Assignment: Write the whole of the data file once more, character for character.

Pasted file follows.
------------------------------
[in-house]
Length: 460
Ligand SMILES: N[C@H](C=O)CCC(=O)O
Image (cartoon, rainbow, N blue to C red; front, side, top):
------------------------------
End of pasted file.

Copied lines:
[in-house]
Length: 460
Ligand SMILES: N[C@H](C=O)CCC(=O)O
Image (cartoon, rainbow, N blue to C red; front, side, top):